How Deep Could the Next US Recession Be?

Published on26 AUG 2022
Markets Regional Analysis

If the U.S. economy slips into a downturn in the next year, there’s at least one consolation: the contraction isn’t expected to be deep, according to Goldman Sachs Research.

The likelihood of a recession happening in the U.S. in the next 12 months is now at about one in three, according to GS Research. With those odds, it’s reasonable to consider how severe a potential recession could be. Even in the two mildest postwar downturns in the U.S., in 1960-61 and 2001, unemployment increased by about 2 percentage points.

However, economists at GS Research expect any post-COVID U.S. recession to be mild, with a limited increase in the unemployment rate of around 1 percentage point. This would be unprecedented in postwar U.S. history, though recessions with similarly limited increases have occurred in other G10 economies.

There are three reasons a downturn during this unusual post-pandemic cycle isn’t likely to be severe.

First, there are still more jobs than workers to fill them. And even if the Federal Reserve slows down demand, causing employers to scale back staffing, the imbalance between available jobs and workers should absorb much of that contraction without triggering a large rise in unemployment.  “Recent preliminary evidence suggests this is possible,” our senior global economist Daan Struyven says. “In fact, the U.S. job openings rate has declined by 0.7 percentage points since March while the unemployment rate has actually declined by 0.1 percentage points. This suggests that the slowdown in output growth is likely to have a smaller-than-usual effect on employment, which tends to drop sharply in traditional US recessions.”

Second, even if job growth ends up slowing substantially, consumers likely won’t feel the full economic shock of this decline. In fact, a downturn in hiring that coincides with sharply lower inflation could be a net positive for spending, Struyven explains. “While slower job growth will likely weigh on real disposable income growth, sharply lower headline inflation in areas such as gasoline and durable goods could support real disposable income growth, which has now likely bottomed,” he says.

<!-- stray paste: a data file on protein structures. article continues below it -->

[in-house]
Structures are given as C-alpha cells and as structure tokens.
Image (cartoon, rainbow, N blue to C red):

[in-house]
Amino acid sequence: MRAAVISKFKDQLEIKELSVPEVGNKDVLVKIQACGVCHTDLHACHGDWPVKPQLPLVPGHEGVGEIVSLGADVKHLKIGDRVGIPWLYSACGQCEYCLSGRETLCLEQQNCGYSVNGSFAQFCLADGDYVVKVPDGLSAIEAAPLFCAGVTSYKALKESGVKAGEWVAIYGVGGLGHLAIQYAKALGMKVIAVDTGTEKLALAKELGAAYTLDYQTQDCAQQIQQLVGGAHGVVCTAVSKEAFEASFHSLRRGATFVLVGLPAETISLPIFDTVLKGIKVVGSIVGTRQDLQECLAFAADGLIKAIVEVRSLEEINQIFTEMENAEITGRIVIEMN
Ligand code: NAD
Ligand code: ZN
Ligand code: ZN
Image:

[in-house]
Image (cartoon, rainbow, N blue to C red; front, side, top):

Moreover, the strength of private-sector balance sheets (partly built up through the pandemic) — among households, businesses and banks — could dampen spillovers from any potential real income weakness into spending by consumers during an incoming recession.

Finally, and perhaps most fundamentally, Struyven says there are still clear drivers of growth across the U.S. economy. Consumer spending still hasn’t returned to its pre-pandemic trend and certain COVID-sensitive service sectors still have substantial room to normalize. The key industries with room to grow are tourism and office work-related consumption (e.g. transport services and dry cleaners.) On top of that, climate-related spending and infrastructure investment are likely to continue growing too, aided in part by long-lasting federal spending programs.

Risks of a deeper recession in the U.S. will increase if inflation proves to be more entrenched than anticipated or the economy is hit by additional negative supply shocks, Struyven says.

Private sector strength and incomplete pandemic recovery (room for growth) might also reduce the severity of recessions elsewhere. And similar to the U.S., countries like Australia and Canada have unusually high job opening numbers, which could help dampen any negative economic hit in those economies.

Recession risk from country to country is inevitably more nuanced, but the evidence for countries and central banks that started hiking policy rates early is encouraging. GS Research examined nine economies that began to tighten policy aggressively by October 2021 and none of them show clear evidence of full-blown recession yet, as unemployment rates largely continue to decline. Those countries may still enter a recession, and whether Peru and Chile are now in a mild recession is a close call, but the overall resilience of these early hikers supports the idea that no major economy will enter a monetary policy-driven recession over the next year.

“The early hikers are largely emerging market economies and it is still too early to tell whether they will enter a recession,” Struyven says. ”That being said, the drivers of their resilience — strong balance sheets, room for reopening, and pent-up demand for workers — are factors that will remain globally relevant.” 

Answers on recession risk are less clear for Europe. GS Research’s central forecast is that the euro area will experience a mild recession, with annualized growth of -0.3% and -0.6% in Q3 and Q4 of 2022. And while there is still substantial room for a boost from services reopening in southern Europe — especially in Spain — energy security and its contribution to inflation continue to be a defining factor for the continent. Gas supply disruptions, increases to energy prices and supply-chain issues could make the euro-area recession much deeper.

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